Krista has worked to put protocols in place to ensure her staff is taking breaks and even bringing the concept of mobile healthcare to her staff when they administer annual flu shots.
“It is easy to forget about taking the time for ourselves when we are balancing work, family and other commitments,” said Krista. “But the more we can make preventive healthcare easier for both men and women, in our daily lives and in the workplace, the healthier of a society we can become.”
This article is brought to you by GE Healthcare’s The Pulse.More Information
In healthcare, the workforce is the link between an organization’s clinical and financial goals. As the biggest operating expense, optimizing the workforce is key to providing quality care while also keeping costs in line with expectations. In a recent survey conducted with HealthLeaders, API Healthcare asked more than 100 healthcare leaders what workforce strategies they felt had the greatest impact on their organization’s ability to control costs and improve quality. Among the top initiatives deemed to have the greatest impact were acuity-based staffing and adjusting the mix of professionals based on skill level and competencies.
It comes as no surprise that these two initiatives bubbled to the top. In an environment where quality metrics are weighted heavily, staffing based on patient volumes and level of acuity is an effective way to improve quality while containing costs. In theory, acuity-based staffing is simple. However without the right data, a typical approach would be missing the analytics necessary to support data-driven staffing decisions.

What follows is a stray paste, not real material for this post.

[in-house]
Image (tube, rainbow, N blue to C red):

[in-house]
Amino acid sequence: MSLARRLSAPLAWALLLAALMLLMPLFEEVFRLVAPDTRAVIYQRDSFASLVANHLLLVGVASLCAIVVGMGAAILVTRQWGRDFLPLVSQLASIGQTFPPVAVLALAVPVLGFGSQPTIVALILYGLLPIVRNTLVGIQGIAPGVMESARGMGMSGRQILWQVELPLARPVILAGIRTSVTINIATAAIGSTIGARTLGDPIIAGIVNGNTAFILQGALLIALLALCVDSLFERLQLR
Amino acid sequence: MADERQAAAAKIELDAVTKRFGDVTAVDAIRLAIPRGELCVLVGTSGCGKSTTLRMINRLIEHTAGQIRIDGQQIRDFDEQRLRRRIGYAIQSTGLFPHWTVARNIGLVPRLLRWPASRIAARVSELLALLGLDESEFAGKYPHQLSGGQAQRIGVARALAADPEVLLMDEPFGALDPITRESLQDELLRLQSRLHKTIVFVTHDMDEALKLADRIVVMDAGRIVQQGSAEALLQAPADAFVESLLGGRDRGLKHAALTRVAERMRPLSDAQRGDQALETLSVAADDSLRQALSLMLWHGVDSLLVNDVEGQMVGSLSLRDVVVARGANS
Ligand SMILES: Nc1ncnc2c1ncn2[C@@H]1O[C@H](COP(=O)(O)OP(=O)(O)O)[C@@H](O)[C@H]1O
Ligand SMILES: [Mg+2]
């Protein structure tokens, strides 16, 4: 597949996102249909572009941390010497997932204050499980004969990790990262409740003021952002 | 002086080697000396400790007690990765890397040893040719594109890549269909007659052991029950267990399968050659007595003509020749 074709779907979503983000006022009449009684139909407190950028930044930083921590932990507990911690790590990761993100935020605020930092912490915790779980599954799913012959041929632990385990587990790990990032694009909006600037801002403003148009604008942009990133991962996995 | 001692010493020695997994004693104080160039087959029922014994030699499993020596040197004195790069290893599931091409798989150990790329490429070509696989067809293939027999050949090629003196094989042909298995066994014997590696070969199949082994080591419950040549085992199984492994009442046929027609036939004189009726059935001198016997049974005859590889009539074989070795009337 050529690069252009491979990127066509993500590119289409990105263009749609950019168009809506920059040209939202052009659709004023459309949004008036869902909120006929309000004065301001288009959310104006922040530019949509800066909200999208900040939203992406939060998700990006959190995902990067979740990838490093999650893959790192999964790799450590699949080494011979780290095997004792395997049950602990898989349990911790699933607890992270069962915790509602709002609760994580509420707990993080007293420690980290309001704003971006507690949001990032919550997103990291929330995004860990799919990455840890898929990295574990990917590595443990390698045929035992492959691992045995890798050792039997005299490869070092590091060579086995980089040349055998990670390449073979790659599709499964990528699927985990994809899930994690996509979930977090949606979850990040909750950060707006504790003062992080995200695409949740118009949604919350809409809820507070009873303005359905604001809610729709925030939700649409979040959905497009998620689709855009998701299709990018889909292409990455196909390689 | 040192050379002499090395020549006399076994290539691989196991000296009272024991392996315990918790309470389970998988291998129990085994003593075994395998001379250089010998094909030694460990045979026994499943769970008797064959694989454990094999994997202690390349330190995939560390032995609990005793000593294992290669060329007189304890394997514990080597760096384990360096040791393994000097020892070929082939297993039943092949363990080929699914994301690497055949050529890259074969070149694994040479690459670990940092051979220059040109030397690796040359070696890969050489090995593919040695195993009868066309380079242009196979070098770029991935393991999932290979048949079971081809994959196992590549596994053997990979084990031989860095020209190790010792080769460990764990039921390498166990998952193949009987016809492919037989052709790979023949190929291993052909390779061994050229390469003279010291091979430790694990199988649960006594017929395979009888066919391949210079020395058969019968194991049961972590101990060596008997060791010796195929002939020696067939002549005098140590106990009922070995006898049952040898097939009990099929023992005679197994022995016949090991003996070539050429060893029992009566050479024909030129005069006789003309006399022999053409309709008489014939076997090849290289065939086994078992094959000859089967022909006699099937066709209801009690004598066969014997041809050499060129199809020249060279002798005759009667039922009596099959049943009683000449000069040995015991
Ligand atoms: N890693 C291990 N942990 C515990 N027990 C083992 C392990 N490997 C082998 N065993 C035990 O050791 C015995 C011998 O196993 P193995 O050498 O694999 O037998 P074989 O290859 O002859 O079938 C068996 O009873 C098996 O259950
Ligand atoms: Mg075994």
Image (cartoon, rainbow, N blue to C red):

More than just controlling nurse-to-patient ratios, data-driven staffing should take into consideration the skill sets and competencies of the caregiver mix, ensuring the right combination is in place to match each patient’s unique needs. Nurse workload and inefficient patient matching can directly impact patient care. In fact, hospitals that utilize data and analytics when staffing are in a much better position to cost-effectively keep care quality high.
New care delivery models are changing how and where care is delivered, and not all nurses and patients are created equal. Ratios are a great place to start, but objective, reliable data and sophisticated analytics are must-haves when it comes to making staffing decisions based on evidence and outcomes.
Utilization of workforce analytics can help healthcare organization make better short-term and long-term staffing decisions. In the short-term, a focus on optimizing the skill mix can help get the right staff in the right place at the right time. This balances care needs with budget constraints and ensures patient satisfaction. In the long-term, data can be used to determine how and who to recruit, as well as to develop and retain a workforce with the right skills and competencies to support current and future needs.
Acuity-based staffing and ensuring the right mix of caregiver skills and competencies not only helps improve quality, it also helps generate high performers and create engaged and empowered employees—the core to labor cost reduction and quality of care improvements.
For more information about top workforce management initiatives, take a look at the white paper, “Top Workforce Management Initiatives for Quality of Care Improvements and Labor Cost Reduction.”